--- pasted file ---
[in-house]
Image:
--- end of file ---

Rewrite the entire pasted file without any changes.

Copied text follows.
[in-house]
Image: